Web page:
Rapper Nipsey Hussle was praised as a peacemaker who worked to reduce gang violence in South Los Angeles. But Hussle, who was shot and killed in a parking lot in March, was secretly under investigation by the LAPD at the time of his death, the New York Times reports. Sources tell the paper police were investigating whether a strip mall he owned—the one where he was gunned down—"was a hub of gang activity." Hussle was open about having been a member of the Rollin’ 60s Crips, and police say it was another member of that LA gang that murdered the rapper. Witnesses say that shortly before he was shot, they heard Hussle telling his alleged killer that there were rumors he was snitching on the Rollin' 60s.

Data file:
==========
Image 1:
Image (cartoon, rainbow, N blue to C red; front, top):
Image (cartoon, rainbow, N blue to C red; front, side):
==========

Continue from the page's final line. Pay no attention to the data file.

Police, who have said Hussle was killed over a personal—rather than gang-related—dispute, are still investigating exactly what started the confrontation between him and his alleged killer. And the Times reports that it remains unclear what prompted the LAPD and the office of the city attorney to start investigating Hussle, but it notes that the inquiry is what's known as an abatement or nuisance probe—something the city has long used to crack down on gangs—that it is centered on the strip mall itself (such probes are a way of targeting spaces, rather than individuals), and that investigators see Hussle's murder "as just the sort of violent act they were worried could happen at the property." The probe has continued after Hussle's death, focusing on the rapper's partners on the property. Click for much more from the Times, which also reports that police and the city were allegedly pressuring the strip mall's former landlords to evict Hussle and his partners, which is what led to the group purchasing the property. (Read more Los Angeles stories.)